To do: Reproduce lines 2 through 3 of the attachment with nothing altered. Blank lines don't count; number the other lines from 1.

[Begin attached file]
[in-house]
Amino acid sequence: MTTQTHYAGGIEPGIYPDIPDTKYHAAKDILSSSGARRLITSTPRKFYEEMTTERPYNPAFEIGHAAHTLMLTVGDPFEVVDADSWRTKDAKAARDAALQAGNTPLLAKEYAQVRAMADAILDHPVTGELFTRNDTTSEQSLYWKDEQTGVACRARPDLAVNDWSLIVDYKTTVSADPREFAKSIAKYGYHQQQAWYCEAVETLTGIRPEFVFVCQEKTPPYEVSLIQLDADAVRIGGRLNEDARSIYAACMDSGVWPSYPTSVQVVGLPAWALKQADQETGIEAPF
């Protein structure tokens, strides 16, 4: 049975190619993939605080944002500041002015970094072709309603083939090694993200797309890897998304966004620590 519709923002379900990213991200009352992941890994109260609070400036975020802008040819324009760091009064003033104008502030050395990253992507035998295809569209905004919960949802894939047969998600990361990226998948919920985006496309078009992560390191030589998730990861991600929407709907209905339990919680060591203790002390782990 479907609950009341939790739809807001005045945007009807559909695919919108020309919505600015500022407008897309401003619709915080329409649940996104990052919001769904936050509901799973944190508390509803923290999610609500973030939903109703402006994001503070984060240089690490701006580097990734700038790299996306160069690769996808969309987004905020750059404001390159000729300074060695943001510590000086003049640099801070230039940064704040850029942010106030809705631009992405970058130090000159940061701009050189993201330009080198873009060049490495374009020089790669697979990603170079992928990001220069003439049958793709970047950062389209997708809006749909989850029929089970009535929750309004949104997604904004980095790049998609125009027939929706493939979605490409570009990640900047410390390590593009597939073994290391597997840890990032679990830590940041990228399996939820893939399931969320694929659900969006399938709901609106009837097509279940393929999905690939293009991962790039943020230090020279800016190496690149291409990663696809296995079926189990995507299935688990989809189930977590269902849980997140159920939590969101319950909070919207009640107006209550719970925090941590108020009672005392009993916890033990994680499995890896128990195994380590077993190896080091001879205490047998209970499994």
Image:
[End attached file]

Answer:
Amino acid sequence: MTTQTHYAGGIEPGIYPDIPDTKYHAAKDILSSSGARRLITSTPRKFYEEMTTERPYNPAFEIGHAAHTLMLTVGDPFEVVDADSWRTKDAKAARDAALQAGNTPLLAKEYAQVRAMADAILDHPVTGELFTRNDTTSEQSLYWKDEQTGVACRARPDLAVNDWSLIVDYKTTVSADPREFAKSIAKYGYHQQQAWYCEAVETLTGIRPEFVFVCQEKTPPYEVSLIQLDADAVRIGGRLNEDARSIYAACMDSGVWPSYPTSVQVVGLPAWALKQADQETGIEAPF
């Protein structure tokens, strides 16, 4: 049975190619993939605080944002500041002015970094072709309603083939090694993200797309890897998304966004620590 519709923002379900990213991200009352992941890994109260609070400036975020802008040819324009760091009064003033104008502030050395990253992507035998295809569209905004919960949802894939047969998600990361990226998948919920985006496309078009992560390191030589998730990861991600929407709907209905339990919680060591203790002390782990 479907609950009341939790739809807001005045945007009807559909695919919108020309919505600015500022407008897309401003619709915080329409649940996104990052919001769904936050509901799973944190508390509803923290999610609500973030939903109703402006994001503070984060240089690490701006580097990734700038790299996306160069690769996808969309987004905020750059404001390159000729300074060695943001510590000086003049640099801070230039940064704040850029942010106030809705631009992405970058130090000159940061701009050189993201330009080198873009060049490495374009020089790669697979990603170079992928990001220069003439049958793709970047950062389209997708809006749909989850029929089970009535929750309004949104997604904004980095790049998609125009027939929706493939979605490409570009990640900047410390390590593009597939073994290391597997840890990032679990830590940041990228399996939820893939399931969320694929659900969006399938709901609106009837097509279940393929999905690939293009991962790039943020230090020279800016190496690149291409990663696809296995079926189990995507299935688990989809189930977590269902849980997140159920939590969101319950909070919207009640107006209550719970925090941590108020009672005392009993916890033990994680499995890896128990195994380590077993190896080091001879205490047998209970499994």